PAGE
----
The Public Services Card is increasingly required for citizens to obtain a driving licence. (Image courtesy: Skitterphoto/Pixabay).

A ‘public services card’ in Ireland designed to help citizens access services, receive welfare payments and crack down on fraud has been heavily criticised by the country’s data protection authority.

Ireland’s Public Services Card (PSC) – which has been issued to 3.2 million citizens – holds the user’s name, photograph, signature and ‘Personal Public Service’ (PPS) number. The card was introduced eight years ago, initially just for claiming welfare payments. But the PSC has increasingly been required to receive other public services, such as obtaining a driver’s licence.

In a report sent to Ireland’s Department of Employment Affairs and Social Protection last week, the country’s Data Protection Commission (DPC) found – after a “detailed and lengthy investigation” – that there was no legal reason to make individuals obtain the card to access state services and that it was unlawful for the state to retain data gathered as part of the card’s introduction.

The PSC, and the system of registration behind it, involves the collection, storing and processing of large amounts of personal information about nearly every person in the state, the DPC said. Eight findings are made in its report: three relate to the legal basis issue; the remaining five relate to issues around transparency.

The Dublin-headquartered DPC said: “Ultimately, we were struck by the extent to which the scheme, as implemented in practice, is far-removed from its original concept. Whereas the scheme was conceived as one that would make it easier to access (and deliver) public services, with chip-and-pin type cards being used for actual card-based transactions, the true position is that no public sector body has invested in the technology capable of reading the chip that contains the encrypted elements of the Public Sector Identity dataset. Instead, the card has been reduced to a limited form of photo-ID, for which alternative uses have then had to be found.”

Government response

The Government has said it plans to respond “as quickly as possible”.

Speaking last weekend, the country’s Taoiseach, Leo Varadkar, was quoted in the Irish Times as saying: “There will need to be some changes around the retention of data, transparency and strengthening the legal basis of the Public Services Card.”

One of the issues the Government will address is deleting the retained data on cardholders, Varadkar added.

The Department of Social Protection will still be able to request the card from those collecting welfare payments, but other state bodies will not be able to demand that people possess one.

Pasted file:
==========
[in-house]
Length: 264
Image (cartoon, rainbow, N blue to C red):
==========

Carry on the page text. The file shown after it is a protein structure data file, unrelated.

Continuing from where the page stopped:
The DPC report’s findings into the card have been described in the Irish Times as a vindication for many parties, including the DPC itself, campaigners and legal experts concerned about the potential impact of a data breach.

Irish Times journalist Jack Horgan-Jones wrote that if the DPC ruling stands, “its scope and its putative utility to the civil service will be a shadow of what was once imagined. In addition, its champions must now deal with their pet project being traduced as a sinister manifestation of a creeping surveillance state.”

Digital Rights Ireland (DRI), a privacy advocacy group, has long been campaigning on the PSC. On 23 July the group tweeted: “Many public bodies can’t even make up their mind if they require the PSC or not, or may not even know that they do”; on 16 August, the day the DPC published its report, DRI tweeted: “The #PSC was used as a tool to bully and control. We came across a woman who had worked all her life, then had her pension cut off indefinitely because she refused to get the PSC. Others were refused passports and driving licences, with no legal reason.”

Media reports say that the Irish state could face legal action, with civil society groups saying they are considering class action-style cases.

The Public Accounts Committee on 19 August reportedly confirmed plans to carry out an investigation into the spending of more than €60m on the scheme.

The DPC has given a six-week deadline for the government to detail how it plans to respond. The authority is also working on a separate investigation into the photographic and biometric aspects of the card.  

A version of this article first appeared on our sister publication Global Government Forum


Please enter your comment!
Please enter your name here